Essays from Home
OPINION: QUEEN & COUNTRY
In our new series, Q&C readers recount their experiences of returning to the family home of their formative years and the feelings and memories it stirs. We start with one essay about a man's return to Southeast Asia to visit his sick mother and make peace with his childhood trauma.
Home is where the heart is, or so the proverb goes. But for some of us, it's not always that simple. We've all experienced going back to the home we grew up in, and for most, it can be a joyful event. We enjoy spending time with family and catching up with friends before returning back to the place we have made home for ourselves as adults.
But sometimes a gay person going home to their past can give way to a whole array of mixed feelings. In our first essay, 'Coming home', a Q&C reader tries to reconcile past hurt and trauma on a recent visit to his childhood home on the other side of the world to see his ill mother.
I lay down at 10pm to sleep in my mum and dad's old bedroom where I am guest after my 15 hour journey from the U.K to Johor Baru in southern Peninsular Malaysia.
I suddenly awake at 1.37 a.m. I have a sense that evil is afoot. I’m in fear. I see flashing lights like I’d imagined teichopsia in a person with migraine but the flashes I see are on the sheets of the bed when I first stir. Was it the flickering torch of a violent crystal meth addict, high and on a malevolent burglary binge? A sense of foreboding and worry is over me.
I look outside to the balcony: no one. The thin curtains are restless in the breeze of the fan flying up to leave a gap. I’m imagining someone’s looking in. Is it paranoia? Why here? Why now? I decide it’s sleep deprivation and jet lag but wonder if my history of cocaine abuse has damaged my brain permanently.
I sit up feet on the floor - I’m feeling nervous in the dark. Drowsy and half in sleep, I irrationally imagine an alien crab-like tentacled creature is about to grab my feet from under the bed, wounding them with its razor sharp pincers. I try to go back to sleep listening to a guided meditation.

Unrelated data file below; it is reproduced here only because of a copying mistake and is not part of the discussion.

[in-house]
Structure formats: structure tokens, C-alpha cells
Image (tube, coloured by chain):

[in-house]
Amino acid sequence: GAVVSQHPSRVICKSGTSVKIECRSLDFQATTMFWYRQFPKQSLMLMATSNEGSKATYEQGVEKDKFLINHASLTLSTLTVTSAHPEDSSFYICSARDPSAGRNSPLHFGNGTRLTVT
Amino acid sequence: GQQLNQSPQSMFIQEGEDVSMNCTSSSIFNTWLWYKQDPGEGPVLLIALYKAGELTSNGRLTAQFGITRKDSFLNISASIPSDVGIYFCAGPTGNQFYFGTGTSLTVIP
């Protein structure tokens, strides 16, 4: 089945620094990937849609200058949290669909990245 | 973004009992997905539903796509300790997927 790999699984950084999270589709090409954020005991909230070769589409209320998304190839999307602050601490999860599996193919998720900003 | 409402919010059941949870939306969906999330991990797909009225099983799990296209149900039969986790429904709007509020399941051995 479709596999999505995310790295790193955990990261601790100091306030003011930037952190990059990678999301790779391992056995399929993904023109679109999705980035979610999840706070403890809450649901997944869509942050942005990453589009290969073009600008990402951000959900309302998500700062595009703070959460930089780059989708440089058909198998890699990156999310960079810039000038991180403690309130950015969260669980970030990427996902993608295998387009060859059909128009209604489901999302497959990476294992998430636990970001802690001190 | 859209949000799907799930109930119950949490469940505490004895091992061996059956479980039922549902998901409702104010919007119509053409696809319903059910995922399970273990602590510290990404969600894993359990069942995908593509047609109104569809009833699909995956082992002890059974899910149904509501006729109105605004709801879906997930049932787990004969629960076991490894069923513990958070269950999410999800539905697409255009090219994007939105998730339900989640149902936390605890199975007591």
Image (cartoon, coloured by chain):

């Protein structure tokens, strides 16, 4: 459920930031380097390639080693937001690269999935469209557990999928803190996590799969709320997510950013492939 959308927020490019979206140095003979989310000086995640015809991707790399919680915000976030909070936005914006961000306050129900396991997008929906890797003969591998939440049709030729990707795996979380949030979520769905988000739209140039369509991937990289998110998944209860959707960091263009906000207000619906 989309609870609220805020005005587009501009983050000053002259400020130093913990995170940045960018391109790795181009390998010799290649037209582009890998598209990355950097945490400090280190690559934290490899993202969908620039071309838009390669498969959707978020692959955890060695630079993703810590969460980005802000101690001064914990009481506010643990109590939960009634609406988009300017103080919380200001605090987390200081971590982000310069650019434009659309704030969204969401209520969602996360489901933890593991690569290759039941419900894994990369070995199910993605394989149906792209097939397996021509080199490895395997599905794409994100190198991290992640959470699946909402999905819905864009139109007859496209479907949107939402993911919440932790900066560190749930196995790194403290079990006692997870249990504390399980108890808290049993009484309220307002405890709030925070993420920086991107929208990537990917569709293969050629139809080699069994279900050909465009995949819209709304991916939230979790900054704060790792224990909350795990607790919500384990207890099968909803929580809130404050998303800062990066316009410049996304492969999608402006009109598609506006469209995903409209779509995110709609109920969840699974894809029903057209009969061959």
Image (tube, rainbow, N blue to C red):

4.48am. An unusual sound awakens me. Flats of finger nails tapping on the door; ever so quietly. I sit bolt upright in bed. I see a shadow under the door. I spring up and fling the door open. I startle her. Mum, looking vulnerable and in the disorientation of her dementia is asking to shower and get ready for church. I manage to gently coax her to going back downstairs to bed.
I try to put my head back down. I think I hear voices mingled up in the sound of the fan whirling. Like the sounds I used to hear when coming down off a cocaine binge on a warm summer’s night. That same feeling is over me; lying tense in desperation and shame, willing myself to sleep while hoping that the morning would never come. I throw the blankets back and look out through the window - the voices turn out to be neighbours who are awake and have been coming and going in their car all night. Ok ‘I’m not going mad’, I say to myself.
I remain uncomfortable, in fear. A fleeting thought of disappearing into the night dances in my consciousness. I realise that I could be in danger here so I muster some recovery behaviour. I get up, put the light on and begin to write about how I am feeling and in doing so the realisation unfurls.
This is the house where I’ve never belonged. Mum and dad moved here after I was sent abroad for schooling. I was to return in the school holidays aged 12 to find all my things: my books, my teddy bear, my scrap book, my tin of precious things including a pendant of St Christopher carrying the Christ child binned in the move. I was always an outsider here; the visiting child in the summer holidays with no longer a bedroom to call his own.
Ancient feelings of hurt and fear re-emerge. It is in this house dad declared his disgust that Rock Hudson was no longer his favourite actor because he was gay (and had AIDS). The image in my mind of mum crying at the foot of the stairs in desperation saying I would ‘go to hell’ when I first ‘came out’ to her comes back. This home never felt a safe place for me.
Anxiety gives way to sadness. My eyes well up. I’m suddenly relieved - there’s no evil afoot, no violent burglars await, no monsters under my bed and it’s not permanent brain damage from years of substance abuse but a final acknowledgement to myself about how I have always felt deep down about number 35 Jalan Intan.
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